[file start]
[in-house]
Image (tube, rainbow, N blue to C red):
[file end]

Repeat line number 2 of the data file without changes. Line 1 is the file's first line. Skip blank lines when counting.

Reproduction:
Image (tube, rainbow, N blue to C red):